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Two distinct origins of long-term learning effects in verbal short-term memory


Majerus, Steve; Martinez Perez, Trecy; Oberauer, Klaus (2012). Two distinct origins of long-term learning effects in verbal short-term memory. Journal of Memory and Language, 66(1):38-51.

Abstract

Verbal short-term memory (STM) is highly sensitive to learning effects: digit sequences or
nonword sequences which have been rendered more familiar via repeated exposure are
recalled more accurately. In this study we show that sublist-level, incidental learning of
item co-occurrence regularities affects immediate serial recall of words and nonwords,
but not digits. In contrast, list-level chunk learning affects serial recall of digits. In a first
series of experiments, participants heard a continuous sequence of digits in which the
co-occurrence of digits was governed by an artificial grammar. In a subsequent STM test
participants recalled lists that were legal or illegal according to the rules of the artificial
grammar. No advantage for legal lists over illegal lists was observed. A second series of
experiments used the same incidental learning procedure with nonwords or non-digit
words. An advantage for legal versus illegal list recall was observed. A final experiment
used an incidental learning task repeating whole lists of digits; this led to a substantial
recall advantage for legal versus illegal digit lists. These data show that serial recall of
non-digit words is supported by sublist-level probabilistic knowledge, whereas serial recall
of digits is only supported by incidental learning of whole lists.

Abstract

Verbal short-term memory (STM) is highly sensitive to learning effects: digit sequences or
nonword sequences which have been rendered more familiar via repeated exposure are
recalled more accurately. In this study we show that sublist-level, incidental learning of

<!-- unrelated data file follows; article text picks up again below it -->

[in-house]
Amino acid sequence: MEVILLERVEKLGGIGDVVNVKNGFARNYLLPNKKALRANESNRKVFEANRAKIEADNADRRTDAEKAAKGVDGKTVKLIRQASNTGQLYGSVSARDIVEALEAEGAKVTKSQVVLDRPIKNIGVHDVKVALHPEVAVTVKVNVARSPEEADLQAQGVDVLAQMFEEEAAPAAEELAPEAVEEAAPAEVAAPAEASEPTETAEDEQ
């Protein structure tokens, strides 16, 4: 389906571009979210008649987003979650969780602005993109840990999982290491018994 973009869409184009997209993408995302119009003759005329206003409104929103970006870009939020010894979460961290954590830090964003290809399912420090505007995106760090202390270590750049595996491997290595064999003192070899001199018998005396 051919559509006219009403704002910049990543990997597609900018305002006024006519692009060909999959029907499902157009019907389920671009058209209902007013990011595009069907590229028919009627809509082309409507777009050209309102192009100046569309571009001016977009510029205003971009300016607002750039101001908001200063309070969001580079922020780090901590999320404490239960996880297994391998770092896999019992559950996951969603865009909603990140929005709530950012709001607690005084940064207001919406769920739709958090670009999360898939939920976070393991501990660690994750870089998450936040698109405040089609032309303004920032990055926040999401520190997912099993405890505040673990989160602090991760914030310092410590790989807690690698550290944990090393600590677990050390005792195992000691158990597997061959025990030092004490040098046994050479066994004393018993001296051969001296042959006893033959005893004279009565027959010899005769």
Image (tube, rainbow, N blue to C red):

item co-occurrence regularities affects immediate serial recall of words and nonwords,
but not digits. In contrast, list-level chunk learning affects serial recall of digits. In a first
series of experiments, participants heard a continuous sequence of digits in which the
co-occurrence of digits was governed by an artificial grammar. In a subsequent STM test
participants recalled lists that were legal or illegal according to the rules of the artificial
grammar. No advantage for legal lists over illegal lists was observed. A second series of
experiments used the same incidental learning procedure with nonwords or non-digit
words. An advantage for legal versus illegal list recall was observed. A final experiment
used an incidental learning task repeating whole lists of digits; this led to a substantial
recall advantage for legal versus illegal digit lists. These data show that serial recall of
non-digit words is supported by sublist-level probabilistic knowledge, whereas serial recall
of digits is only supported by incidental learning of whole lists.

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7 citations in Web of Science®
5 citations in Scopus®
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Additional indexing

Item Type:Journal Article, refereed, original work
Communities & Collections:06 Faculty of Arts > Institute of Psychology
Dewey Decimal Classification:150 Psychology
Language:English
Date:2012
Deposited On:04 Sep 2012 13:37
Last Modified:05 Apr 2016 15:57
Publisher:Elsevier
ISSN:0749-596X
Publisher DOI:https://doi.org/10.1016/j.jml.2011.07.006

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